Topic: Battery charging question

Glen_Mist    -- Sep-25-2009 @ 8:28 PM
  Hi all

      Silly question time.

I'm looking at getting a battery charger to attatch to shore power at the marina, just to keep the batteries healthy when i can't get down to my boat.

My question is this;

As i have 4 batteries (1 engine start and 3 domestic with a split charge relay and single 85 amp alternator), will the one charger suffice, or will i need 2 (one for the engine/1 for the 3 domestic connected in parallel), or even 4 (one per battery).

As i said, a silly qustion that i should probably know the answer to but after a week of night shifts the old thinking matter isn't firing on all 4 cylinders.

Many thanks in advance

Chris J

Anybody want to buy a Birchwood 22?

Pandora-3    -- Sep-25-2009 @ 9:28 PM
  Can't you just connect the battery charger where the positive and
negative of the alternator connect? Assuming that this one
alternator does actually charge all the batteries.

Glen_Mist    -- Sep-25-2009 @ 9:32 PM
  I had thought of that as well, but i'm worried about possible ramifications (damage to the alternator?), also the charger would possibly have to be a bit of a beast to be able to handle 440Ah of batteries.

Chris J

Anybody want to buy a Birchwood 22?

shortfeed    -- Sep-25-2009 @ 11:50 PM
  cheapest way Chris .... keep borrowing ours until they are all charged! Wink

I wish you would tell me you were comming aboard dear ...that coffee was realy hot! Ruth

Glen_Mist    -- Sep-26-2009 @ 4:14 AM
  Hi Mum

    I know that, but i was thinking aboust those rare occasions that you might need it at the same time  Smile

Chris J

Anybody want to buy a Birchwood 22?

kfurbank    -- Sep-26-2009 @ 8:23 AM

If you place a battery charger just after the alternator you are going to have a voltage drop across the split charge relay of around 0.7V plus a drop for the rest of the cable run to the batteries. A charger should always be placed as close to the batteries as possible. Ideally connected straight to the batteries. The split charge relay is used to enable the one alternator to charge multiple batteries without them needing to be physically connected to each other and therefore isolating a bad battery from draining a good battery, or domestic usage from draining an engine battery etc. Therefore is you were to use a single charger to connect all the batteries to charge them, you would negate the isolation and potentially end up with a bad battery draining a good one.

Therefore you need a charger per battery bank, or a charger such as the Sterling charger that has multiple isolated outputs allowing you to charge up to three different battery banks at the same time. I am assuming that your three domestic batteries are in parallel, therefore you need either two chargers or a Sterling charger, or similar, with multiple charge outputs. As well as providing upto three isolated outputs, the Sterling charger also uses four step charging to ensure that the batteries are conditioned.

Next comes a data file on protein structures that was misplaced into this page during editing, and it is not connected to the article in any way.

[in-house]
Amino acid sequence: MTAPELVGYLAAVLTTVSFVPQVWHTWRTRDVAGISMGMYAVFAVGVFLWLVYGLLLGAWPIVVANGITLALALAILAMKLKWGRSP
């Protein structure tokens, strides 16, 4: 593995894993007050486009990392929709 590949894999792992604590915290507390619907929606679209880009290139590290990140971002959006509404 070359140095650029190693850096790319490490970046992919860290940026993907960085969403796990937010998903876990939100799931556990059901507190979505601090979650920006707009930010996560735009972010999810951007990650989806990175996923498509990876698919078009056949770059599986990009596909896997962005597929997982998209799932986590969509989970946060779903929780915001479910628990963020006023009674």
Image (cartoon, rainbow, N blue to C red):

VetChugger    -- Sep-26-2009 @ 4:15 PM
  I have a very similar setup Chris. My engine battery (i'm touching wood) has no problem holding its charge. The engine starts very readily so it doesn't pull much out and it obviously gets a good charge during running from the alternator. Its my domestics that need the occasioinal boost or top up. I'd be tempted to concentrate on those with your charger. Keith is right about what you would need to charge both sets, what he fails to mention is the kings ransom that Sterling charge for that sort of euipment! That is not a criticism of Keith I hasten to add! As it is, we need something like a 20/25amp charger at least to cope with the big domestic batteries and these are not free with a packet of crisps either!

Just as an aside, was there no electric on your pontoon mooring at Brundall Gardens?


Glen_Mist    -- Sep-26-2009 @ 4:20 PM
  Hi Keith

       Thanks for that info, i was aware of the need for the charger to be ass close to the batteries possible, it's the number of chargers i was unaware of.

I'll probably just stick to the one charger for now (for economy reasons rather than anything else) connected to the bank of domestic batteries (yes they are in parallel) as i can jump the engine start from them if need be   Playful   or use my boost pack (not that they in a bad way, but it's always good to have a contingency plan).

I had also though about solar panels (but decent ones are not cheap), or even hooking up an alternator to my excercise bike and getting 'The Brat' to earn her keep   Evil Grin

Thanks again

Chris J

Anybody want to buy a Birchwood 22?

Glen_Mist    -- Sep-26-2009 @ 4:30 PM
  Hi trevor

       Nope, no electricity on the pontoons where we were (and where you are now as you are in my old spot, it was me that put down the non slip patches), which is one of the reasons why we moved across to where you were, and with the new Seamaster there is much less of an issue with tide levels there.

As an aside, i have seen 6 amp Stirling chargers on Fleabay for £35 plus P&P

Also a rather nice looking 10amp Black and Decker for £26 plus P&P

Chris J

Anybody want to buy a Birchwood 22?

kfurbank    -- Sep-26-2009 @ 4:44 PM

A word of caution. If you do not use an intelligent battery charger, make sure your batteries are in good condition and well topped up with water, otherwise they will boil very quickly and soon be consigned to the scrap heap. My batteries are currently approaching 4 years old and good as the day they went on the boat. One other thing to consider is that for a 330AH battery bank, you should really be looking at something like a 25 - 30A charger. Most chargers in a car accessory shop are designed for car batteries up to 85A and will output 6 - 10A.


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